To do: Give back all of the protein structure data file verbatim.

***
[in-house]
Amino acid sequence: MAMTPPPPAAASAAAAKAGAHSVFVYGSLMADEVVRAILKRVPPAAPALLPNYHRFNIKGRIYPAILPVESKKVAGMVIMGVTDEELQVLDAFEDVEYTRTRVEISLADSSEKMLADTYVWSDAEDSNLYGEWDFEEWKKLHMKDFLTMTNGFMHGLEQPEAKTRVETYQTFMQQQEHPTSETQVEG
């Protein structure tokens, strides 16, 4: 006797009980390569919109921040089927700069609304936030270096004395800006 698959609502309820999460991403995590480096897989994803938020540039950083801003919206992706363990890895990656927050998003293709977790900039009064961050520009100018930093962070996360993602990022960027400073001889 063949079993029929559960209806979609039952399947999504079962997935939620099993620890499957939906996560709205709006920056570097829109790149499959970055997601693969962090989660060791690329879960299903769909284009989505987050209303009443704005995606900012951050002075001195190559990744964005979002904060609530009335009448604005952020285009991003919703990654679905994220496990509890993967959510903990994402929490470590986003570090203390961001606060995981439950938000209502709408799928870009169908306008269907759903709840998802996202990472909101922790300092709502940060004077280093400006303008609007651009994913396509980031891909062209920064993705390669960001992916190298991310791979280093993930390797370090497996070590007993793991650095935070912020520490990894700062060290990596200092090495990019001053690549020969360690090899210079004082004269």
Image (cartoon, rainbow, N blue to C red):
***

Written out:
[in-house]
Amino acid sequence: MAMTPPPPAAASAAAAKAGAHSVFVYGSLMADEVVRAILKRVPPAAPALLPNYHRFNIKGRIYPAILPVESKKVAGMVIMGVTDEELQVLDAFEDVEYTRTRVEISLADSSEKMLADTYVWSDAEDSNLYGEWDFEEWKKLHMKDFLTMTNGFMHGLEQPEAKTRVETYQTFMQQQEHPTSETQVEG
């Protein structure tokens, strides 16, 4: 006797009980390569919109921040089927700069609304936030270096004395800006 698959609502309820999460991403995590480096897989994803938020540039950083801003919206992706363990890895990656927050998003293709977790900039009064961050520009100018930093962070996360993602990022960027400073001889 063949079993029929559960209806979609039952399947999504079962997935939620099993620890499957939906996560709205709006920056570097829109790149499959970055997601693969962090989660060791690329879960299903769909284009989505987050209303009443704005995606900012951050002075001195190559990744964005979002904060609530009335009448604005952020285009991003919703990654679905994220496990509890993967959510903990994402929490470590986003570090203390961001606060995981439950938000209502709408799928870009169908306008269907759903709840998802996202990472909101922790300092709502940060004077280093400006303008609007651009994913396509980031891909062209920064993705390669960001992916190298991310791979280093993930390797370090497996070590007993793991650095935070912020520490990894700062060290990596200092090495990019001053690549020969360690090899210079004082004269």
Image (cartoon, rainbow, N blue to C red):